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Best Music Writing 2010
December 16, 2010 2:22 PM   Subscribe


 


Dave Zahl on Axl Rose
(confession: I know Dave)
posted by jefficator at 3:07 PM on December 16, 2010


Wow. Wendy and Lisa did an album with Trevor Horn that's never been released? I'd love to hear that.

(Thanks for this post. Great stuff, and most of it I'd missed first time around.)
posted by hippybear at 3:16 PM on December 16, 2010


Excuse me, is this the right door for the Architecture Ballet?
posted by Herodios at 3:16 PM on December 16, 2010 [3 favorites]


Great work putting this together! I have some reading to do.

That Nitsuh Abebe article on indie rock should be mandatory reading.
posted by naju at 3:16 PM on December 16, 2010


So much interesting! Will take me some time to read all these, but thanks for separating out the links and for the post! So great to see someone writing about Maria Schneider as well. An under-rated composer.
posted by Lutoslawski at 3:20 PM on December 16, 2010


There's a new Tricky?
posted by Artw at 3:29 PM on December 16, 2010


Excuse me, is this the right door for the Architecture Ballet?

Funny, I just saw Alex Ross speak, picked up his new book Listen To This and the opening paragraph of the preface is about the "writing about music is like dancing about architecture" thing:

Writing about music isn't especially difficult. Whoever coined the epigram "Writing about music is like dancing about architeture" -- the statement has been attributed variously to Martin Mull, Steve Martin, and Elvis Costello -- was muddying the waters. Certainly, music criticism is a curious and dubious science, its jargon ranging from the wooden...to the purple...But it is no more dubious than any other kind of criticism. Every art form fights the noose of verbal description. Writing about dance is like singing about architecture; writing about writing is like making buildings about ballet. There is a fog-enshrouded border past which language cannot go...

So why has the idea taken hold that there is something peculiarly inexpressible about music?

posted by mediareport at 4:30 PM on December 16, 2010


I agree with Alex Ross' take on the "dancing about architecture" quote, mediareport.

But I also agree with Zappa's assessment that most rock journalism is people who can't write interviewing people who can't talk for people who can't read.
posted by The World Famous at 4:36 PM on December 16, 2010 [4 favorites]


He admits that although the lyric I mentioned is not a good example, there are plenty of “goofball lyrics” on the disc. It’s something he feels the band didn’t really think about: people might not want to hear a 39-year-old man singing about being “your boyfriend.”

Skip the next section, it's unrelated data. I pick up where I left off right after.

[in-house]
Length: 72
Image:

That is so funny. I have to find NKOTB comeback lyrics now.
posted by anniecat at 4:41 PM on December 16, 2010


My Instapaper was already overfull. Thank you for adding to my backlog.
posted by immlass at 6:55 PM on December 16, 2010


So why has the idea taken hold that there is something peculiarly inexpressible about music?

Mu.
posted by Herodios at 7:27 PM on December 16, 2010


Fantastic post, much to read. I've gotten through a few so far - liked the Indie rock article but my favorite at this point is the Mexican Cellphones piece.

"“Feeling like you’re close to home is so important for Mexican audiences,” said Leila Cobo, Billboard’s executive director for Latin content. “In recent years it’s stopped being taboo to be Latin or Mexican. Assimilation is not the only option. For the younger fans it’s cool to like these artists and be proud of where you’re from.”

That phone companies and ring-tone providers are paying attention to this trend is a change from what many in the Mexican music industry characterize as years of willful, often culturally biased neglect from marketing and advertising agencies. Despite their commercial success, few norteño or banda artists — with their cowboy hats, horses, accordions and tubas — typically end up with the kind of major marketing and advertising deals that go to artists like Shakira or Enrique Iglesias, who embrace a more cross-cultural look and sound."

posted by mannequito at 9:44 PM on December 16, 2010


But I also agree with Zappa's assessment that most rock journalism is people who can't write interviewing people who can't talk for people who can't read.

As a former rock journalist, it is my sad duty to report that this is 100% true.
posted by Rangeboy at 9:53 PM on December 16, 2010


Pointless? Maybe. But there's some damn fine writin' up there.
posted by alvarete at 2:35 AM on December 17, 2010


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